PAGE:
On the move: is privacy the ultimate luxury?

From homes getting burgled after people show their whereabouts on social media to unnecessary intrusion by hotel staff, privacy is a complicated matter when travelling, says The National's travel editor

Emirates' newly-configured First Class cabin has fully enclosed private suites. Emirates
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Unveiled for the first time at Dubai Airshow last month, Emirates’ new 777-300ER First Class cabin was launched into service this week on a flight between Dubai and Brussels. The key feature of the cabin is its new fully-enclosed private suites, which mean that once the sliding door is closed, it feels like a private room, with up to 40 square feet of space embellished by leather seating, high-tech control panels, mood lighting and lots of other treats.

There’s no looking-over-the-top by staff or other guests, though presumably they can still enter. It’s certainly a big improvement on some business class seating arrangements, where, bizarrely, a gain in comfort can result in a loss of privacy as you walk through the cabin at night in your pyjamas before bedding down next to a complete stranger, separated by only a thin barrier between two flat beds. I normally opt to 'hide' beside the window, hoping that the next-door seat will be unoccupied. Worst is to be wedged between two other people in the middle row.

Privacy and travel is a complicated matter, especially in the age of digital advance and social media, where we may want to both use technology and retain a semblance of anonymity. Concerns range from data privacy and security to the protection of one’s own private time from unnecessary intrusion.

One of the great joys of travel is to be able to lose yourself in a completely new destination, even switching off your smartphone to the prying eyes of the world. Sometimes this is a doubly good idea, since some people have had their homes burgled when they tell the world through social media that they’re on holiday. Open Wi-Fi networks at cafes and other locations around the world has led to travellers’ phones being hacked, and the global crackdown on terrorism means less and less privacy for the traveller.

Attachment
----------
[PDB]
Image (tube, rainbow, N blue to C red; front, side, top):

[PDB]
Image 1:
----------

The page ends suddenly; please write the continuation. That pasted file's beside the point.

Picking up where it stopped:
When you opt and indeed pay to both get to and be somewhere else, some would say any expectation of privacy, at least en-route, is unrealistic. But as someone who values my privacy in all circumstances, it’s often the basic face-to-face hotel experience that leaves me feeling let down. I hate being effectively stalked by staff who know my name, who I’m with or what I had for breakfast. The best service makes a judgement call based on one’s mood, but I think the default setting should be discreet, valuing people’s private time to relax and move around without constant monitoring or requests for “feedback”. Too many staff seem to just stand around doing nothing except watching and waiting, as if waiting for guests to entertain them.

On a trip to north India, one friend was mortified after having to call down to reception for Imodium after a bout of stomach trouble. “They didn’t have any, but when I ordered a spicy breakfast option, they asked me whether I should rethink my choice based on my ‘condition’.”

At a hotel in Ajman, the same friend said she wasn’t a fan of the creepy new trend in which hotels look you up on social media and present you with their findings when you check in. “I didn’t like that they’d been on my Facebook page and printed off pictures of me to welcome me to the room. Maybe some people like this?”

Not that all outside or random interaction is bad. I was once working out in the gym of a new hotel in Dubai when a travel blogger who had spotted me on Instagram sent me a message. “I’m here!” she said. “I’m at your hotel. Wanna meet?” Normally I would shrink from such approaches, but on this occasion the blogger turned out to be great fun - and extremely well connected.


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